Hi Graham, welcome to VENTS! How have you been?
After getting in contact with yourselves very well thank you for asking! It’s been very busy on my end and an absolute privilege to be invited on for an interview.
Can you talk to us more about your latest single “At The Crossroads”?
I wrote the song some time ago and tried to take a more simplistic approach to songwriting. I thought the ‘less is more’ approach would be nice to attempt on this occasion. I was also working with my friend Kitty Roisin who kindly played the keyboard and sung the backing vocals, she’s an incredible musician and it was superb to work with her. It’s been a very self contained project all said and done.
Did any event in particular inspire you to write this song?
This was written in the spirit of going too far in love and realising too late the price we pay. I figured most of us have been there on one occasion or another, while I try to veer away from writing typical love songs as it’s a well trodden path this is really more of a song of remorse and shame.
The single comes off your new album Kolmanskop – why naming the album after this track in particular?
As far as I’m aware this is very literally the only song and album composed about the deserted town of Kolmanskop ever. It was a chance to get experimental which I hope was conveyed most in that track particularly. It’s not likely you’ll have seen that name crop up very frequently let alone in music, my assumption was if it was unusual it may spark some interest. The wonderful team at Hourhouse Pictures have also created a music video for this track particularly, they’ve really embodied the journey which is truly what I wanted a listener to take away from this.
How did you come up with the idea of making a concept album?
I’m hugely inspired by a band called Thrice, they are well known for previous concept albums particularly in their later work. I’ve always found the idea of tying everything in with a common theme quite alluring, I fancied giving it a shot myself and seeing how I got on.
Why the abandoned mining town?
There’s something about derelict places which on some base level garners questions like dust. I couldn’t imagine anything more dusty than a disused mining town (check it out on Google, it’s awe inspiring!). I was a fitting backdrop to ask those introverted questions we sometimes pose to ourselves without any distraction, complete solitude as far as the eye can see with nobody to query your thoughts. I also grew up in a mining community in my primary years, it’s an ode to some of the stories my father used to tell me of work in the coal mines.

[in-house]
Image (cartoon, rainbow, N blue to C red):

How was the recording and writing process?
Frankly it was exceptional fun! There were several unusual techniques used, I dehydrated myself for 24 hours before recording Kolmanskop and all of the percussion was created using sound clips and emulations including a pickaxe which we had to record in studio. It was pleasure to work with both my good friend and current keyboard player Lawrence and the good guys over at Runway Studios. We tried various percussion techniques on the electric guitar by turning up the gain and hitting in in various places for the track titled ‘Where Quiet Blooms’ and Lawrence crafted his own sine wave especially for ‘At The Crossroads’ to give it some bass. I know it subtle and you may not notice much of it depending on what you’re listening through however I wanted to offer music you could find new details in on each play.
How did England influence your music?
While it’s a harsh environment in the industry at present I’ve learned a lot from some exceptionally talented friends on my journeys. It honestly has been completely made by the people I’ve met. My friend Dan Chapman is a stunningly good vocalist and took some time to teach me to be better, I’ve met many in the west country including Dan who have made me realise just how little I know. I actually wrote the song ‘I Know Nothing’ based loosely on Dan and several other friends. There’s a whole plethora of exquisite musicians and bands in this country alone that could easily be your next favourite artist, it’s just about taking the time to find them.
What was it like to play at Pinewood?
At first? Terrifying put bluntly. It’s such a prestigious place to be invited to let alone perform! I was in good company however with a local promotion company called Dreamchaser Entertainment who nurtured me when I was starting out. To play on the same spot as some of your favourite films had been recorded was an experience I’ll never forget, it was also a sublime opportunity to meet new friends and one I shall be forever grateful for.
Any plans to hit the road?
As soon as someone calls me I’m normally right on it! To be honest I’d prefer playing a smaller gig in a unique location over a larger gig on a bigger stage so I’m very open to options no matter what the venue size, it’d be great to hear from anyone reading this if they’re interested in creating some quirky shows.
What else is happening next in Raving Wild’s world?
I’ve recently attached a Kaoss Pad to my guitar to use in conjunction with my loop pedal and harmoniser, to be honest it had me scratching my head for a little while but I’m getting used to it now. Practise practise practise as always!
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